You've heard the names. Or rather you've heard the name. OK, two names. If you've been listening to pre-Oscar taste makers, you'd believe that only two supporting actresses turned in valuable work this year: Amy Ryan (Gone Baby Gone) and Cate Blanchett (I'm Not There). But don't be fooled. The talent pool runs deeper than two. Oscar voters will eventually choose five. I'd like to celebrate one. She begins her film famously on all fours; not an auspicious introduction, perhaps, but when you cast a strong actor they'll make the most of any position you place them in.
Marisa Tomei is a strong actor. She won a surprise Oscar early in her career by stomping comically through My Cousin Vinny (1992). Nine years later she sailed to new heights with an aching turn as a guilt ridden woman in In the Bedroom (2001) earning a second and well deserved Oscar nomination. And that's just scratching the surface of what's been a solid and varied career in television, stage and the big screen.
Too few hosannas have greeted her latest turn in the Sidney Lumet film Before the Devil Knows You're Dead . I suspect that that's because the film itself doesn't always know quite what to do with her, all caught up as it is in the downward spiral of two brothers (very grim) played by Phillip Seymour Hoffman and Ethan Hawke. Gina happens to be sleeping with both of them, but despite her central trophy girl status she is often barely in the frame and sometimes suspiciously out of it -- the film's major error to my mind is that in its many frequent loops backwards to revisit the horrific family tragedy (a deadly robbery) at its center, it denies Gina her own chapter. She's the only major character who never gets to claim her own section of the film. Yet whenever she's onscreen, interest is piqued.
Tomei gifts Before the Devil with a welcome diversion from its often ugly and sweaty humanity with her physical beauty and Gina's flirtatious demeanor. More importantly, the actress rescues what could have been a nonsensical and blank character on the page. How she does it might seem counter intuitive but it works: she zeroes right in on the confusion, she bravely illuminates that very same blankness. Who is this woman exactly? In her first scene sudden tears and mood swings serve as red herring hints at depth and mystery -- but the performance, a sly one, keeps on denying any true reveal. Maybe she's just not there. The closer you get to looking at who Gina is, the more she seems to slip away.
I recently had the wonderful opportunity to interview Marisa Tomei and I was nervous to ask her about what I saw as surprising emptiness in Gina. I loved the performance but I was afraid that I had misread it. I was relieved to hear Tomei confirm my suspicions. I'll use her own words here since they're more coherent than my own:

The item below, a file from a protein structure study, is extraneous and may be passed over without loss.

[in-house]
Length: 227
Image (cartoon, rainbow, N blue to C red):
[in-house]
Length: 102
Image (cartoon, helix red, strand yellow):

I always felt that she [Gina] was quite shallow. He [Sidney Lumet] felt that she had at least some of a heartbeat compared to the rest of the people in the piece...It all comes back to the body, doesn't it? Most discussions of her role in Before the Devil Knows You're Dead frequently reference her nudity. People like to refer to conspicuous movie nudity as "gratuitous" but when a character connects almost exclusively to others as a sexual object, it feels like an accurate display of the character's soul.
Ultimately, she really just is a leaf in the wind. I--I... you don't even have to say 'is she shallow or is she not?' She just doesn't have a center. She doesn't have a lot of self worth. She doesn't have a way of holding on to herself, particularly beyond her body.
When she's not in flagrante she's often seen watching the other characters. Typical movie wisdom would suggest that this marks her as the outsider who longs to be inside, forever tragically an in-law rather than a true family member. But one of the nifty dualities of the performance is that one begins to sense that Gina is only observant so as to not be truly observed, so as not to actually be involved. She can't get too close.
In bed she teases her husband "tell me what you're thinking. tell me what you're thinking", while rocking her hips suggestively. He stays mum. But in a post funeral sequence later in the film she gets her wish. Her husband actually does bare his soul, crying and needy. Her response? Embarrassment, fear, frustration, boredom. Her reaction shots are an almost comic mask of childlike discomfort mixed with adult pain. She might love him but ohmygod she wants out of that car.
She didn't want to know what he was thinking after all.
Even her exit scene, my favorite, is a difficult read. It might be the most awkward "storming out" scene in the movies. She's leaving! But Gina just kind of stands there, fumbling with her suitcase, feeling her way through the situation, desperate to provoke a reaction. She even asks for money. She wants to leave, doesn't she? Or perhaps she wanted a different reaction. When she doesn't get the reaction she wants, back inside her body she goes and out come the sexual barbs, self reassurances about her own desirability and guilty confessions.
Gina starts the movie on all fours and ends it defiantly on her own two feet but the effect will be temporary. This woman is still flailing around. As Marisa says, she's just "a leaf in the wind".
For more of my interview with Marisa Tomei (Talking Oscars, My Cousin Vinny, In the Bedroom and more), please check out the premiere episode of the Film Experience Podcast ! If you don't have access to iTunes you can download the mp3 version of the podcast with this link. Safari and RSS users can use this xml feed for the enhanced version.